The entire Child Care Success Company has been working tirelessly to stay on top of how the Coronavirus is effecting daily operations for child care businesses so we can provide our Academy members with the most up-to-date resources and information during our weekly Academy Q & A calls. This past week, struggling small business owners across in the United States were finally provided much needed federal assistance when Congress passed the CARES (Coronavirus Aid, Relief, and Economic Security) Act.
With this being a huge win for child care owners across the country, Coach Brian Duprey recorded a video for our Academy members to help walk them through in’s and out’s of what the CARES Act means for them. Because we know that not only are our Academy members looking for guidance on this topic, but all ECE business owners in the United States are, we decided to share that resource with you all this week on our blog. #WeAreInThisTogether
Here Are the Key Takeaways From This Video:
- Regardless of where the day-to-day operations of your child care business stand right now, if you are located within the United States then your business has been thrown a lifeline when Congress passed the CARES (Coronavirus Aid, Relief, and Economic Security) Act for small businesses.
- Businesses that have under 500 employees, providing that they were already in business as of February 15, 2020, will qualify if they have been affected in any of the following ways due to Coronaviris –
- You have had a loss in customers or a reduction of income.
- You’ve had staffing challenges (for reasons such as employees being exposed and having to self-quarantine, being infected, or having to care for their children or family members that have fallen ill during this time).
- You’ve had to close your doors. The maximum amount of money that you can borrow is 2.5 times your average monthly payroll expense. This number is computed by taking the average of your monthly payroll in the preceding 12 months prior to getting the loan. If you are a newer business, then use your average monthly payments from January 1, 2020 to February 29, 2020. Example: If your average monthly payroll is $50,000, then your maximum loan amount would be $50,000 x 2.5 or $125,000.
- You can spend the money you receive from the CARES Act on –
- Payroll costs
- Continuation of group health care benefits during a period of paid sick leave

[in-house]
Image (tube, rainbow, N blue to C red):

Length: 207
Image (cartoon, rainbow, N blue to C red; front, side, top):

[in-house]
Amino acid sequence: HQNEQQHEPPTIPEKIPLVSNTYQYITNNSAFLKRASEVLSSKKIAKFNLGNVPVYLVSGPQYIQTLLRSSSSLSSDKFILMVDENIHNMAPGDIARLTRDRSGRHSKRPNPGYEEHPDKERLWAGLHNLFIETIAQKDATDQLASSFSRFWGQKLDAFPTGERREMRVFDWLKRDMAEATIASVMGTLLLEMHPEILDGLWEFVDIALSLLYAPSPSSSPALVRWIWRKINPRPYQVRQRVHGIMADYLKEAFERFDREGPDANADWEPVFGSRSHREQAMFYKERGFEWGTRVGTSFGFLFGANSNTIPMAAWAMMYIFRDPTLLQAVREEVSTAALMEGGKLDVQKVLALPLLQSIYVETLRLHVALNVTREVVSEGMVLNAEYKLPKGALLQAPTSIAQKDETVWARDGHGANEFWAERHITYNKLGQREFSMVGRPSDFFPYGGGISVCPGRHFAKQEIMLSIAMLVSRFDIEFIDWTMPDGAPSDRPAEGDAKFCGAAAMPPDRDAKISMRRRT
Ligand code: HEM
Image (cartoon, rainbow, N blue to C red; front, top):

- Employee salaries and commissions
- Interest on mortgage obligations (no principal)
- Rent (lease agreement)
- Interest on debt obligations incurred prior to getting the loan (i.e. school bus payment interest)
- Upon loan approval, you must certify to the government that you are using the funds provided to you to retain workers and maintain payroll or may mortgage payments, lease payments, and utility payments.
- No collateral is required for this loan. You are guaranteed acceptance if you qualify and will be funded very quickly (within a few business days).
- The interest rate on the loan will be no more than 4% and term up to 10 years.
- If you find yourself needing further financial assistance than what the CARES Act provides you with, there is nothing that prohibits you from additionally applying and receiving an economic injury disaster relief loan from the SBA.
For the immediate 8 week period following the loan, you are able to seek loan forgiveness for if you have documentation for the following
- Payroll costs
- Interest on covered mortgage
- Rent payments
- Utility payments
- To obtain the maximum amount of loan forgiveness that you qualify for, you must hire all of your employees back after your business returns to normal operations. The loan forgiveness will be reduced by multiplying the quotient obtained by dividing (whichever is better for you).
- The average number of FTE employees per month from February 15, 2019 to June 20, 2019
- The average number of FTE employees per month from January 1, 2020 to February 29, 2020
- You can read the full CARES Act on NPR’s website here.
A note from Brian Duprey – “The information presented here was compiled from public documents and news reports, and are factual to the best of my ability. All information presented is general in nature and may or may not be applicable to all child care businesses. As always, please consult your CPA or Attorney to get the best advice on how to apply the CARES Act to your particular business.”
Brian Duprey is a Child Care Business Coach at the Child Care Success Company. He is also the author of the of Child Care Millionaire and co-author of the #1 Amazon New Release Best Seller The Happiness Guide for Early Educators.